Feeling like you’ve been wrapped up in the whirlwind of Spring? The days are getting longer as the sun shines a bit more each day, but those minutes seem to be instantly filled with more and more activities and the general need to be “out and about.” As feelings of having too much on our plates begin to overwhelm us, I can almost hear the soothing voice of this month’s feature Runit Mom, Nancy Murray, encouraging a visit to the Copper Beech Institute. What is that, you ask? How can that help me, you’re thinking? Take a deep breath, quiet your mind, and read on to find out why classes and retreats are filling up months in advance.
Nancy’s Runitlikeamom Run-Down:
* Two kids – Helena and George and they are 20 and 17!
* I work for myself as a yoga teacher and teach public and private classes. In addition, I work as a volunteer many hours as the board chair starting up the Copper Beech Institute.
* It seems like I am always moving somehow! I love to walk and hike, and do so at any available opportunity. When the weather is better, I like to bike. Basically, anything outside. However, I also love to dance, and I confess that I like to play Just Dance on the playstation!
* What are my short-term and long-term fitness goals? Ooh. That’s a tough one. I would love to get my full body strength back (was in a car accident 4 years ago and still working on healing my shoulder). I have a new bike, and I have a goal to bike frequently this summer – trying not to get too aggressive on a goal so that it’s not achievable. And, finally, I am leading a walking pilgrimage down a portion of the Camino de Santiago in September 2016, so by then I want to be able to walk the 15 daily miles with ease.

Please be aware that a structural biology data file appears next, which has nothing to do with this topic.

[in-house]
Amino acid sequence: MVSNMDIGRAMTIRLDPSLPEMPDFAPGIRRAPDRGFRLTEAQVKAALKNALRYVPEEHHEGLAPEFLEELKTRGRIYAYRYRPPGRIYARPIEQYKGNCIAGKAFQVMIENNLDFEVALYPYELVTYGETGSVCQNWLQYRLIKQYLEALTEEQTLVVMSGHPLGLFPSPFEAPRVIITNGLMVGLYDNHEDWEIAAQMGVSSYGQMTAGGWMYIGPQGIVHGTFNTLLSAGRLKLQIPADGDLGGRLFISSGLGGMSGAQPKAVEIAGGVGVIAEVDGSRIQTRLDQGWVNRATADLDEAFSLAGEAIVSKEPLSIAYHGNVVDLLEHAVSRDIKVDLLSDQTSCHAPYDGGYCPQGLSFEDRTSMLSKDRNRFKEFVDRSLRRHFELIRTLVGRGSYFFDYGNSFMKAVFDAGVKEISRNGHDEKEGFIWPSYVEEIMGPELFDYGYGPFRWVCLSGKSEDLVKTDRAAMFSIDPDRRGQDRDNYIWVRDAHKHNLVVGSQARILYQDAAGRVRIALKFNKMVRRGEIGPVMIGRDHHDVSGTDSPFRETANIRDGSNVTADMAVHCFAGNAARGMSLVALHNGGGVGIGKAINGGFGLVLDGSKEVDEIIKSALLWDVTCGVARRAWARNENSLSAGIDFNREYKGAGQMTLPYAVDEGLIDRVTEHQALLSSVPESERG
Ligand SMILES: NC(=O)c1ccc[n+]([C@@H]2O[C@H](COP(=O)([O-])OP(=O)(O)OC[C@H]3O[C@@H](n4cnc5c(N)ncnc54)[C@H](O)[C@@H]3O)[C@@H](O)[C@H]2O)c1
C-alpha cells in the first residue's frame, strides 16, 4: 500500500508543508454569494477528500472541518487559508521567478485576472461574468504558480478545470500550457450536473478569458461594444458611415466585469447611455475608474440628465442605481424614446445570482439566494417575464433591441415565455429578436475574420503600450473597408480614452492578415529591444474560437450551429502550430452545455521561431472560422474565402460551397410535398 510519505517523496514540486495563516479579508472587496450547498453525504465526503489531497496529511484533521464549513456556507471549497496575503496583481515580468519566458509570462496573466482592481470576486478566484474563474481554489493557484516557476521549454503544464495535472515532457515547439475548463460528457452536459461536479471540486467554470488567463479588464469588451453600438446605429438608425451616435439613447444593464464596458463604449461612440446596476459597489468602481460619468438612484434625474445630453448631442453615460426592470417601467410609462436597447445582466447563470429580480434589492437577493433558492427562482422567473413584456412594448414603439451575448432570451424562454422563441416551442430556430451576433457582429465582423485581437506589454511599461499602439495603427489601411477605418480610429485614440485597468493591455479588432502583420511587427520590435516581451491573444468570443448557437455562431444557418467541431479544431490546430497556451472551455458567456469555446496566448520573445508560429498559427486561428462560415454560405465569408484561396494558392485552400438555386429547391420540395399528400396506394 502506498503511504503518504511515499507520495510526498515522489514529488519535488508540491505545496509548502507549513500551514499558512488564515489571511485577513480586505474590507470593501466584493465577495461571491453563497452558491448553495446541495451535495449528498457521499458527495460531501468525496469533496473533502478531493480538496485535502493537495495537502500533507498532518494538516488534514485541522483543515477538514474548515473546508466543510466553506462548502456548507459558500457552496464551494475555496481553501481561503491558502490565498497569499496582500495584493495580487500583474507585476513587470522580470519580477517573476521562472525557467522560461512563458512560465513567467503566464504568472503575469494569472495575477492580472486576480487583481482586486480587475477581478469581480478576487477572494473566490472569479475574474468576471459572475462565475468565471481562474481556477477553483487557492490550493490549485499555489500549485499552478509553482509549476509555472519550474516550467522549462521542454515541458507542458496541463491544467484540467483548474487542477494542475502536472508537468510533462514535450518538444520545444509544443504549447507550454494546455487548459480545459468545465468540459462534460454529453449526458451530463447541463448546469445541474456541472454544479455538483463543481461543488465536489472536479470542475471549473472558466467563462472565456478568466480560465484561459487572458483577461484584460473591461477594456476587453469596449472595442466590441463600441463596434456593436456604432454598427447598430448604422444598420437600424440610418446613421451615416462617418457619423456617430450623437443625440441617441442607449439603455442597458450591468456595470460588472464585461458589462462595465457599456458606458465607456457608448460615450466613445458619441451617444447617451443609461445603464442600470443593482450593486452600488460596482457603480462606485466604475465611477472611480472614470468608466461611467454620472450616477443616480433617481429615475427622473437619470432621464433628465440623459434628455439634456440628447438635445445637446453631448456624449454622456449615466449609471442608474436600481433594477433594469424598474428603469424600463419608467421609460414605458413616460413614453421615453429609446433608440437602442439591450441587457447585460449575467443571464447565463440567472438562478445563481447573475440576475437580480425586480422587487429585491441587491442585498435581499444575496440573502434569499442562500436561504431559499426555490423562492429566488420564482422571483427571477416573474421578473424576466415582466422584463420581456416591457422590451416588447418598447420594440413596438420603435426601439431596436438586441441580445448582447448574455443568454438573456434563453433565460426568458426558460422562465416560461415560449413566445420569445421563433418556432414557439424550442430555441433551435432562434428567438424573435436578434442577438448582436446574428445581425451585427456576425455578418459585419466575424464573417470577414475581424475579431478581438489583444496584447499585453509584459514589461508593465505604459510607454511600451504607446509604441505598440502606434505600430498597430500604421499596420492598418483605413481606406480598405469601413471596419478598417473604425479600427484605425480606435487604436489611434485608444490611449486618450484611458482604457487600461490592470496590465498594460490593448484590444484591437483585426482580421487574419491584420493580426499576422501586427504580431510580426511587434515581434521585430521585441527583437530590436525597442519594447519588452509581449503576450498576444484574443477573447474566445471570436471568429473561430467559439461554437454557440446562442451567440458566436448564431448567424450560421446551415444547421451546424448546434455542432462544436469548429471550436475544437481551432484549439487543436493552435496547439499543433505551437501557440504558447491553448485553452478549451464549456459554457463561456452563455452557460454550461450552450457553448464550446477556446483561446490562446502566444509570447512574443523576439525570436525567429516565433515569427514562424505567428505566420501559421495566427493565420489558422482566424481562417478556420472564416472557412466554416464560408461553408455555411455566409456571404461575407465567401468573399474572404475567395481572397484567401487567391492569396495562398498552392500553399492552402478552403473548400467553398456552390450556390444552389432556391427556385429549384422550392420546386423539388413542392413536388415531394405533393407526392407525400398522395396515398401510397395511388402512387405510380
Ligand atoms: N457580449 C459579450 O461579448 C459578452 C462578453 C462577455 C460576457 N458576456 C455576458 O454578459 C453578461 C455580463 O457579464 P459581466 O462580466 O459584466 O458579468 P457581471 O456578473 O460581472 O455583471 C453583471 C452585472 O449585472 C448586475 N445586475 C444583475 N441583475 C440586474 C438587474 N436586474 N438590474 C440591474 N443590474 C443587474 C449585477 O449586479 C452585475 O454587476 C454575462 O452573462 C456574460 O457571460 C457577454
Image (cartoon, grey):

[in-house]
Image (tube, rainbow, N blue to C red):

* Oh, how I wish I had written things down when they were said. Both of my kids have always been funny, and so I can’t really isolate just one thing!
* If stranded on an island with my family I would want to have a camera and a really good book to read aloud if we got bored. Maybe a deck of cards. Would love to be in that situation and can’t imagine needing anything else.